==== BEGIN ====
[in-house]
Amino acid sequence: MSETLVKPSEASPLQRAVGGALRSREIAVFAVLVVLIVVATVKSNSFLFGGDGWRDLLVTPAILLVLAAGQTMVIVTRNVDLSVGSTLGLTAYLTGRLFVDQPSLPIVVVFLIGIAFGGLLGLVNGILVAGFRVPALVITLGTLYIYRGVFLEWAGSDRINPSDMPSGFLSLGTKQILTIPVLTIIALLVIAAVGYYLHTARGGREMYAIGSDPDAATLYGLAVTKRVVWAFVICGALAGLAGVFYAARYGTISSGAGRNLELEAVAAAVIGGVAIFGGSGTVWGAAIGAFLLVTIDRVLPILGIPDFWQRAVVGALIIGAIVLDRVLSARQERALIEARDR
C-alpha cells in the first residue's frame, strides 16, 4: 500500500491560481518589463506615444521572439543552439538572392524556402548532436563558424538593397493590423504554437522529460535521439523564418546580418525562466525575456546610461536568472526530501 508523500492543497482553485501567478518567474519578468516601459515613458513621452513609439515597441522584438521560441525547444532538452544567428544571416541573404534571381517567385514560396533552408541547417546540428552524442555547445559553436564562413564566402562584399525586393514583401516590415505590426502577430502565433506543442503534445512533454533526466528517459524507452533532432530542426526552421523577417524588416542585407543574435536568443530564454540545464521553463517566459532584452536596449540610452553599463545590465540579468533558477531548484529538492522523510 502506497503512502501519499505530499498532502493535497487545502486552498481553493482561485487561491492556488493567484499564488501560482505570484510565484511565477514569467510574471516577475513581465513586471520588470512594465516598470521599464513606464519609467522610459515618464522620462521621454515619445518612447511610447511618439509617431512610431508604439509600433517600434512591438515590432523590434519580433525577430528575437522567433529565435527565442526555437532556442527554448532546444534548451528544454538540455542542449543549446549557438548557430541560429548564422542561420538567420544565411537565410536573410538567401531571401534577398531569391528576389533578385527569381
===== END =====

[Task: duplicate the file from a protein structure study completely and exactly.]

[in-house]
Amino acid sequence: MSETLVKPSEASPLQRAVGGALRSREIAVFAVLVVLIVVATVKSNSFLFGGDGWRDLLVTPAILLVLAAGQTMVIVTRNVDLSVGSTLGLTAYLTGRLFVDQPSLPIVVVFLIGIAFGGLLGLVNGILVAGFRVPALVITLGTLYIYRGVFLEWAGSDRINPSDMPSGFLSLGTKQILTIPVLTIIALLVIAAVGYYLHTARGGREMYAIGSDPDAATLYGLAVTKRVVWAFVICGALAGLAGVFYAARYGTISSGAGRNLELEAVAAAVIGGVAIFGGSGTVWGAAIGAFLLVTIDRVLPILGIPDFWQRAVVGALIIGAIVLDRVLSARQERALIEARDR
C-alpha cells in the first residue's frame, strides 16, 4: 500500500491560481518589463506615444521572439543552439538572392524556402548532436563558424538593397493590423504554437522529460535521439523564418546580418525562466525575456546610461536568472526530501 508523500492543497482553485501567478518567474519578468516601459515613458513621452513609439515597441522584438521560441525547444532538452544567428544571416541573404534571381517567385514560396533552408541547417546540428552524442555547445559553436564562413564566402562584399525586393514583401516590415505590426502577430502565433506543442503534445512533454533526466528517459524507452533532432530542426526552421523577417524588416542585407543574435536568443530564454540545464521553463517566459532584452536596449540610452553599463545590465540579468533558477531548484529538492522523510 502506497503512502501519499505530499498532502493535497487545502486552498481553493482561485487561491492556488493567484499564488501560482505570484510565484511565477514569467510574471516577475513581465513586471520588470512594465516598470521599464513606464519609467522610459515618464522620462521621454515619445518612447511610447511618439509617431512610431508604439509600433517600434512591438515590432523590434519580433525577430528575437522567433529565435527565442526555437532556442527554448532546444534548451528544454538540455542542449543549446549557438548557430541560429548564422542561420538567420544565411537565410536573410538567401531571401534577398531569391528576389533578385527569381